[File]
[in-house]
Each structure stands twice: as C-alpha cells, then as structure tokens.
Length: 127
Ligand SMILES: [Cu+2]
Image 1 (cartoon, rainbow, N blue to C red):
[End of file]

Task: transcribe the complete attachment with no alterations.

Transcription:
[in-house]
Each structure stands twice: as C-alpha cells, then as structure tokens.
Length: 127
Ligand SMILES: [Cu+2]
Image 1 (cartoon, rainbow, N blue to C red):